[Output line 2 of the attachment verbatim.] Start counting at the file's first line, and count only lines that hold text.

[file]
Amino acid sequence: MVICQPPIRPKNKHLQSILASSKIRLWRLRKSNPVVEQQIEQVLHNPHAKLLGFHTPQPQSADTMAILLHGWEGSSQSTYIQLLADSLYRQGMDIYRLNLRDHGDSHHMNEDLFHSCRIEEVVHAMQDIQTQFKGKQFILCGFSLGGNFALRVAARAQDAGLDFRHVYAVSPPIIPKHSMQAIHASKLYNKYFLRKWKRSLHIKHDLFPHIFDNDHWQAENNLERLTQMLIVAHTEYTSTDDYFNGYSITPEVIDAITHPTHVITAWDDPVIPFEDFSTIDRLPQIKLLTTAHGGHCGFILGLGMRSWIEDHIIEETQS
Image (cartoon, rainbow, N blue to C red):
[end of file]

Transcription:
Image (cartoon, rainbow, N blue to C red):